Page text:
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The MIMO Interview: ON AN ON

Last year, when established indie rock act Scattered Trees lost two of its key members (brothers Jason and Baron Harper), the remaining three band mates—frontman Nate Eisland, his wife Alissa Eisland, and Ryne Estwing—made a rather dramatic decision to lay down their decade-long moniker and sound, and start an all-new band. The new act ON AN ON has already been making waves in the blogosphere with the advance release of their single “Ghosts”, with a highly anticipated new album Give In due out in the states on Jan. 29 and in Europe in March.

Nate says of the bandmates’ collective decision to start anew: “We, the three of us, had been trying to do something musically that maybe was just never meant to be with Scattered Trees—or it was too far of a jump or too far of a leap for Scattered Trees to make. But we really appreciated the chance to start over with something fresh.”

ON AN ON are embarking this week on a nationwide tour with indie-rock act Geographer. Before they hit the road, Nate was good enough to take a few minutes with MIMO to talk about the new band’s sound and direction.


MIMO:  It’s a daring decision to start a new band under a new moniker when you guys were a band for a number of years building a following. Is your goal to continue to connect with the prior fans, or just basically start with a new fan base?


Nate:  I think that there is a connection to the old fans…there’s this balance, we appreciate the fans of Scattered Trees, because that was what made the wheels turn for us for a long time. So there’s always a sense of gratitude there. But we as artists, it was very clear to us that we needed to move forward with something else and move on and start fresh for our own artistic souls.

I’m still writing most of the songs for ON AN ON and everything, so I think that if you liked Scattered Trees, you’re probably going to like ON AN ON. It’s that kind of thing, even though it’s different in a lot of ways. But for us, the three of us in particular, starting a new core of a new band, we’re really excited to be able to push farther and to do things that are more satisfying artistically to us then maybe we could have in other groups that we were in, in the past.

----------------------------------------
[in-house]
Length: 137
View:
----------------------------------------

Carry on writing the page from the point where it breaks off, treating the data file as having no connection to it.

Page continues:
MIMO: How would you describe the sound of ON AN ON as opposed to your earlier sound? Do you feel like you can categorize it or define it? What’s different about it?


Nate:  It’s hard to categorize just the sound…I think there was definitely a core in Scattered Trees of singer/songwriter, kind of. I was writing these songs, and I was finishing them, and I was bringing them to the band, and we were trying to make them more interesting…But with ON AN ON, we got to start something that we could make more collaborative and more of a team and share the load a little bit creatively. I think that it was cool in a way; it’s satisfying to be the songwriter that makes the decisions and what not, but also it’s just a lot of pressure and it’s not as fun. And so with ON AN ON, we’re having so much more fun and we’re so much more excited about our own satisfaction creatively, and just doing things that we’re really into, and not feeling like we need to have this be a progression from the last ten years of music that we’ve been making. We get to just do what we want to do and just obey our instincts, and that’s all.


MIMO:  Well, I think that probably bodes well for the band because it starts with a passion of the band mates. If you’re doing something you’re passionate about, I think that’s going to play out into the overall vibe of your band.


Nate:  I totally agree.


MIMO:  What were some of the highlights of the recording process for you guys? Do you have like a favorite aspect of making this record?